THOMASTON — Thomaston town office staff expected Chloe to stay with them only a short time, on loan from the local animal shelter. The idea was to bring an adoptable pet into public spaces, away from the metal cages, dozens of animals, and woeful eyes that overwhelm prospective adopters.
Sometimes this concept works. Sometimes it doesn’t.
For the Thomaston Town Office, the concept worked, and then again, it didn’t.
Chloe moved in. Her dining area became established along the back wall. She found a favored spot on a desktop with a foot warmer underneath, and awaited the day when the adoption information taped to the picture window invited her new family to her.
Through the night, she has the office to herself, protecting building permits, keeping ordinances secure, and of course, getting the shut eye needed to sustain the work days and her adoring fans.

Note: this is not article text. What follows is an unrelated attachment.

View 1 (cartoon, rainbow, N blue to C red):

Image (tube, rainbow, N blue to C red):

Shortly after the office opens for the day, Chloe breaks her fast. She dines again at noon, and then at 5 p.m.
In the interim, she rubs against legs, finds lively fingers to scratch her neck, and — at least when her dinner is slow to come — runs toward anyone who calls her name. (tail high, belly swinging, meowing a “Yes? you have something for me?”)
Inevitably, attention finds its way to her.
Her soft liveliness fills the room.
Locals started seeking her out. The staff grew fond, and maybe just a little envious. The concern started to grow. What if someone claimed her and took her away?
At that thought, the staff took action. They adopted her in the name of the Thomaston Town Office. Immediately, the adoption poster was pulled from the front window.
Chloe came home to Thomaston.
Reach Sarah Thompson at firstname.lastname@example.org